April newsletter note
Author: Liam Booth-Smith |
The late AA Gill said that if you want to anger someone write about where they live. Having run the gauntlet of England’s local drive time radio I can confirm he’s correct. Our recently published report The Making of an Industrial Strategy (details below) didn’t pull any punches. Thankfully, most of you like that sort of thing.
Putting aside matters of local pride (including my own), we labelled some places as either stuck or stifled. Most of the feedback suggests we got this right, however some have taken issue. Christopher Hitchens once remarked that his hate mail was often about stuff he’d never actually written or if it did appear on the page, was so divorced from context as to be rendered meaningless. To those who’ve offered reasonable thoughts I’ve replied personally. To everyone else I’m going to re-send a copy of the report with a simple request ‘please read it’. I joke, ish.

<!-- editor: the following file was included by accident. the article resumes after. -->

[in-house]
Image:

With the industrial strategy report we’ve begun to share ideas about something we’re calling neo-localism. Simply put this is our view of a post Brexit localism. The idea in a strapline; how places and communities can have more control and influence over the effects of globalisation.
There a few things to say on this. Firstly, yes a neologism can be irritating but we need a hook to start talking about the future of localism and if it isn’t new, and you don’t want it to be old… Secondly, I know we’re likely to take a hit for being pompous but I don’t care. I run a think tank which, amongst other joys, is basically a license to be (a bit) pretentious. I’m prepared to run the risk of racking up points to get the discussion going. Finally, we’re promoting the concept alongside research work so that people can see the practical policies which give life to the broader idea. Localism needs an intellectual future which is politically relevant. We can’t do this on our own, so I hope you’ll help us.
There you have it, Localis is now a neo-localist think tank.